Thus the birth of a distinctively Australian culture has been heralded more precisely by our great landscape painters than by our writers, because landscape painting has been subjected to fewer disturbing and extraneous influences than any other form of aesthetic expression in Australia. The work of Gruner, Hilder, Heysen, Streeton and others is a new contribution, an Australian contribution, to the art of the world. Whether it is recognised as such by overseas critics at the moment does not matter. The work is there, and the distinctiveness is there. Art-criticism and art-recognition in London (or Paris) is very much allied in practice to art-marketing and the artistic struggle for existence. Among so many “schools” of modern and modernistic theory, mainly concerned with the log-rolling of cliques, and among so many dealers concerned mainly with marketing Old Masters to the New Rich, it may well be that Australian art will have a long time to wait for recognition outside Australia. Some day, by a swing of the pendulum away from Epstein, towards restfulness and the exotic but quiet beauty of Gruner, it may become a Vogue to have gum trees and sunlit Murrumbidgee valleys on the walls of Mayfair and Manhattan flats. That day has not yet arrived, and could only arrive if a group of art-dealers first secured a “corner” in Gruner pictures before launching a campaign of theory to prove that he was Corot redivivus, but more charming, more strange, more incomprehensible except to the initiated.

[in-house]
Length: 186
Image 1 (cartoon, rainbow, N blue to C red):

While appreciation of an artist by his contemporaries remains a matter of whim, or of “wangling,” or both, the Australian landscape painters need not seek world-recognition, for they will not get it. They are forced to establish themselves here; to please their own people first — a stroke of luck for the development of Australian culture.

Art depends more directly upon individual patronage than does literature, which depends upon mass-patronage. An artist sells his original, his unique object of merchandise, almost directly to the buyer whose walls it will adorn. The landscape artists in Australia have been fortunate in finding patrons, picture-buyers, amongst Australian people of wealth. I do not say “people of taste” — the artists themselves provided the taste; their patrons merely bought the works, and thus almost unknowingly encouraged the development of culture here. Perhaps they bought mainly for “furnishing value,” perhaps the dealers here, working a “wangle” in their own way, urged upon patrons that the pictures were a commercial investment; perhaps, even, the buyers were actually pleased by the landscapes — anything is possible in a “new” country, and to a new bourgeoisie . . . but whatever the reason, the fact remains that pictures have actually been bought here, that an Australian school of painting has thus been established, and that this school of painting is something new and delightful in the world’s art — certain at some time to be lauded as such; something quite as distinctive as Japanese art, or Persian art, which have had their vogues in world-appreciation.